Another important "analysis of dominical sayings" is John D. Crossan's In Fragments (1983) (Kelber 2002, 65). His analysis covers statements from Mark and Q, along with Matthean and Lukan parallels, for a total of 113 statements (Kelber 2002, 66). In 1986 he released a volume (Sayings Parallels) dealing with 503 statements. The extent of the variations among different sources is striking. Kelber concludes that the written sources act freely with materials, where oral tradition would be less likely to do so (Kelber 2002, 66).
Kelber considers yet another area of weakness in Gospel scholarship, namely, what he refers to as "the eclipse of Gospel narrativity" (Kelber 2002, 67). He describes this as a loss of understanding of the overall narrative structure and logic of the canonical Gospels, in favor of the referents contained in the pieces of narrative. The Gospel as a coherent narrative was considered as unimportant. The thing signified became more important than the overarching narrative concept. Kelber describes this development in terms of Derrida and postmodern deconstruction (Kelber 2002, 68). The movement ultimately looked for a meaning behind the narrative, which, when found, could be in contradiction to the narrative.
Kelber next considers the contribution of a focus on text, essentially on typography, to scholarly challenges (Kelber 2002, 70). Kelber suggests that a focus on the printed word as a rigidly fixed entity may lead to types of scholarship and interpretation which would be foreign to the ancient world. He illustrates this by describing the "Two-Source Hypothesis" in which Mark and the hypothetical Q document served as the sources for Matthew and Luke (Kelber 2002, 71). The outcome of such scholarship is that particularly Matthew and Luke are taken to be entirely dependent on specific wording found elsewhere. Another illustration of the problem is found in the construction of Gospel parallels, in which the four gospels are harmonized with one another. This practice suggests that the actual Gospel narratives are defective and need to be collated so as to achieve their intended purpose (Kelber 2002, 72).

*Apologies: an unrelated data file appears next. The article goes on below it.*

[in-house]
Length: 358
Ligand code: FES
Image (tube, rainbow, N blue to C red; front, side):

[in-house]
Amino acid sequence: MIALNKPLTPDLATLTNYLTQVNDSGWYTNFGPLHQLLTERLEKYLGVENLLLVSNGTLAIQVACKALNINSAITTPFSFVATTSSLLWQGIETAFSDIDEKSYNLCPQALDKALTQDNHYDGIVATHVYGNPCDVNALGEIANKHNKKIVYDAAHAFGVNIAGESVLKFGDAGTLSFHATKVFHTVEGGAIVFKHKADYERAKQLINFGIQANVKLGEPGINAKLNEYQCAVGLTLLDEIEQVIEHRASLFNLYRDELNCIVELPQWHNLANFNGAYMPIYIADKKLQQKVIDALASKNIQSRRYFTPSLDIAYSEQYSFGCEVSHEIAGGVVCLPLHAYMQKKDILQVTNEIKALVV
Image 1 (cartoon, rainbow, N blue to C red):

As a possible corrective to the weaknesses Kelber has identified in Gospel scholarship, he notes a movement in the late 20th century to recover a distinct literary identity for each of the evangelists (Kelber 2002, 74). Each one has a distinct narrative voice. This realization breaks down Bultmann's view that the Gospels emerged from some meta-tradition. Source theories in general become less useful (Kelber 2002, 75). Theological ideas become the servant, rather than the master, of the narrative, by arising naturally from the narrative context rather than forcing the narrative to conform. Kelber illustrates the concept by describing how eschatology in Mark's Gospel is addressed based on an overall narrative of expansion of time and details of events as the text approaches the critical eschatological event of Jesus' death and resurrection.
The individual voices of the Gospels speak to issues which are relevant to the context of their original, local audiences (Kelber 2002, 77). These subtexts are significant to our attempts at interpretation. Kelber details several of the subtexts which are in operation, showing how each evangelist has a unique voice.
Kelber's conclusion is that the Gospels reflect a great deal of the way their authors selected and remembered events (Kelber 2002, 79). The written documents emerged from memory of events, but that memory would also have operated to place the events into some context, one which made overall sense. This effect can explain a great deal about the nature of the four distinct narratives and their voices (Kelber 2002, 80).